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Ronald Brautigam, with the congenial support of Die Kölner Akademie, under Michael Alexander Willens, here performs Mozart’s Piano Concertos Nos. 24 and 25, both composed in 1786.
The C major concerto is in fact one of the most expansive of all classical piano concertos, rivalling Beethoven’s fifth concerto. Their grandeur immediately made them popular fare in the concert hall – Mendelssohn, for instance, had No.24 in his repertoire through the 1820s and 1830s.
On his copy of a fortepiano from 1795, and with orchestral forces corresponding to what Mozart would have been familiar, Brautigam creates a sound of which Mozart would have been familiar.
On the first release in the team’s traversal of Mozart’s concertos (BIS-SACD-1794), Brautigam was described by International Record Review as ‘an absolutely instinctive Mozartian, with… melodic playing of consummate beauty’, going on to congratulate him on finding the ‘ideal partners’ for the project.’
Wolfgang Amadeus Mozart: Piano Concerto No. 24 in C minor, K. 491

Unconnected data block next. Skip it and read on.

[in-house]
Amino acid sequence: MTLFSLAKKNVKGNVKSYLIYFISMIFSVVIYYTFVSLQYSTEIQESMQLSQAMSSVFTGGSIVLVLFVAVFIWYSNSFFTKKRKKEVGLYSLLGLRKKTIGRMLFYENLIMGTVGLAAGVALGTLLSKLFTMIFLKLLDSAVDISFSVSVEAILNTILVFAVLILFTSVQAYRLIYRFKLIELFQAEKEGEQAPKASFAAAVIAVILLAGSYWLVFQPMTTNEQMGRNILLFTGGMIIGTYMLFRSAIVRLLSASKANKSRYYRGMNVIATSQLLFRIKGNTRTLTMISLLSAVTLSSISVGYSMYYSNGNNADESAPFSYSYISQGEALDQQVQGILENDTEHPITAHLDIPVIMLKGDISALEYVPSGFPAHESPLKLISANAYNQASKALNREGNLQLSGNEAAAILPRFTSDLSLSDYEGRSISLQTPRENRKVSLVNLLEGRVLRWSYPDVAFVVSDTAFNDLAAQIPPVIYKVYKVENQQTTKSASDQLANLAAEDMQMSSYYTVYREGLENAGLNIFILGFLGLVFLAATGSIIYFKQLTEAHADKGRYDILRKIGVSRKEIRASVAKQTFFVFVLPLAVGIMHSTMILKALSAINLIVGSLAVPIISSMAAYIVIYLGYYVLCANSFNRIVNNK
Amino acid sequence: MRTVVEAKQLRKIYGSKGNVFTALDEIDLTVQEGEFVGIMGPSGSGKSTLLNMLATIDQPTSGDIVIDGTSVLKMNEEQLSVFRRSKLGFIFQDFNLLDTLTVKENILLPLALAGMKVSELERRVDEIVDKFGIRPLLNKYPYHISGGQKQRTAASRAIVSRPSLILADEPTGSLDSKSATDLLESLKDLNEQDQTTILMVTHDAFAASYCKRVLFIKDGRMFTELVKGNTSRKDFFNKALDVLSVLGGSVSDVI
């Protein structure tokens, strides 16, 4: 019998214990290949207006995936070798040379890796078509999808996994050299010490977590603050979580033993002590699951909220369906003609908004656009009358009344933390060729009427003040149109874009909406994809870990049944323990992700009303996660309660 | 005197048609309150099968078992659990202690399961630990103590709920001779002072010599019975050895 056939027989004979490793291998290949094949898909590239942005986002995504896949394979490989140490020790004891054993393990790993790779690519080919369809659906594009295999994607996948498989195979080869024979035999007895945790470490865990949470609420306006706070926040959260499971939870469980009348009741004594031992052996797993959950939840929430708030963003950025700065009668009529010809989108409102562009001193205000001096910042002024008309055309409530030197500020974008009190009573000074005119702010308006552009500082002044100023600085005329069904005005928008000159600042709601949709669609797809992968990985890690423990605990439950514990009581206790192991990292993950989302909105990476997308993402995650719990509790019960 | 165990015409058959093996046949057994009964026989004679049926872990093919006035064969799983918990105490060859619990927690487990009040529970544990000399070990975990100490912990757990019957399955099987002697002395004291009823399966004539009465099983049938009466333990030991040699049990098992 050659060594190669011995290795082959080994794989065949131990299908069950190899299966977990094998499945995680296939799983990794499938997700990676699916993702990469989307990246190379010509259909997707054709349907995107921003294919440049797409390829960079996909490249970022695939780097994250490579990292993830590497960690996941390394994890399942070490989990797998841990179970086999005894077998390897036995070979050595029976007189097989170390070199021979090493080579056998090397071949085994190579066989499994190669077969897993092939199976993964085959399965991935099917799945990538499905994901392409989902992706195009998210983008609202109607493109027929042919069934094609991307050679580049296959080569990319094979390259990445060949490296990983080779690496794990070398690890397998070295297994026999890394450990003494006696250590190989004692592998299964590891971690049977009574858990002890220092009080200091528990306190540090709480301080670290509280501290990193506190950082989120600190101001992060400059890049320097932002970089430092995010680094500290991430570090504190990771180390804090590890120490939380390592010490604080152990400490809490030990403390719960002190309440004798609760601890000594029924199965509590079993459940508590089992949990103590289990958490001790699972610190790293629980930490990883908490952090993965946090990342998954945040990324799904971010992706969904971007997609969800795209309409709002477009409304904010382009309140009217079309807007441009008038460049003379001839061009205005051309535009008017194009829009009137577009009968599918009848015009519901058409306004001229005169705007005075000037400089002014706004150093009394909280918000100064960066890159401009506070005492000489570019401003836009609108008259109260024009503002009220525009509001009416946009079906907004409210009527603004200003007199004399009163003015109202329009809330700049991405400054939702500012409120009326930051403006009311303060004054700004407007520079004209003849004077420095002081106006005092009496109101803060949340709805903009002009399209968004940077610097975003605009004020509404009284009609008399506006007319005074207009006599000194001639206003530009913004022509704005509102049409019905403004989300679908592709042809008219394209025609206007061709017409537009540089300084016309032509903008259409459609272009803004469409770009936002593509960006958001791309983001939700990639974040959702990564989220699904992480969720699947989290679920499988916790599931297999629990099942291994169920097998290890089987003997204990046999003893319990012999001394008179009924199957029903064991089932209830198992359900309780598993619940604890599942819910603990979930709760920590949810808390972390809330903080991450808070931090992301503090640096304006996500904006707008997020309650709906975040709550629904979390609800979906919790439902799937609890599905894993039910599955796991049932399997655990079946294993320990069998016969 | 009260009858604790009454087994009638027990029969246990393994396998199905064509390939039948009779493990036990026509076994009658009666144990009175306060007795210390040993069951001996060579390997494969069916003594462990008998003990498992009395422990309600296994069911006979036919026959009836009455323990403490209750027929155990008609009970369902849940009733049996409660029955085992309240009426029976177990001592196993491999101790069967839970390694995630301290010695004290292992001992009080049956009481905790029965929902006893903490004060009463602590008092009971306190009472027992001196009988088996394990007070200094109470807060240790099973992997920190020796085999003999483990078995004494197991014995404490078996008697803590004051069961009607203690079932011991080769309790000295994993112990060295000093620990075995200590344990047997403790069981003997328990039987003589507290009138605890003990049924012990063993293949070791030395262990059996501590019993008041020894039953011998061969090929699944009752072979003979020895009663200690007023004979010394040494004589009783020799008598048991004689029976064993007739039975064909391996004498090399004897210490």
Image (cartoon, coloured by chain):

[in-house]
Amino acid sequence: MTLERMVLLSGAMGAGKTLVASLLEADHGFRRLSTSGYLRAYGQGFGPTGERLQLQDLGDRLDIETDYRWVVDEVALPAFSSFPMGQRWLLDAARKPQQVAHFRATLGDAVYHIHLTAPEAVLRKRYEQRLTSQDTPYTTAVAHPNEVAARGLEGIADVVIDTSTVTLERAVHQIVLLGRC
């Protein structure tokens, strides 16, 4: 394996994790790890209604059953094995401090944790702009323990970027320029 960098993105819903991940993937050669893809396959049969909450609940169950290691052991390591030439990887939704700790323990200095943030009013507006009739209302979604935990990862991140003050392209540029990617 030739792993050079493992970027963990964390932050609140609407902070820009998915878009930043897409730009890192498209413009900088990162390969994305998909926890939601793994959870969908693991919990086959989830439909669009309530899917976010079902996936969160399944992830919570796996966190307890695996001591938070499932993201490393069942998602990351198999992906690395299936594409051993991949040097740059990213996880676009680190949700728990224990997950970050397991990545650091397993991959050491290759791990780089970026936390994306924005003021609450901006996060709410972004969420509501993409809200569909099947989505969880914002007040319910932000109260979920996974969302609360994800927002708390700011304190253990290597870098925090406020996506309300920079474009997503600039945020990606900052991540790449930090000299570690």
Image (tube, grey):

Wolfgang Amadeus Mozart: Piano Concerto No. 25 in C major, K. 503
I. Allegro maestoso
“Characterised by lively tempos, crisp articulation, taut rhythms and the ability to convey to the listener the joy of music-making, Brautigam's playing strips away the varnish to let you hear, as near as dammit, what Mozart's audiences woudl have heard...Even if you prefer, as I do, your Mozart on a modern concert grand, it's hard to resist Brautigam's period advocacy.”
“Playing on a fine, un-jangly modern copy of an Anton Walter instrument, with its silvery, singing treble and clear, percussive bass, Ronald Brautigam gives bold, invigorating performances of these contrasting concertos...this is exhilarating, often thought-provoking Mozart-playing”
18th December 2011
“Among some predictable new Mozart piano concerto recordings in 2011, this one stands out for its freshness and originality. Brautigam is one of the finest players of the 18th-century fortepiano, incisive yet lyrical, and the Cologne period-instrument band provides a glassy, transparent accompaniment.”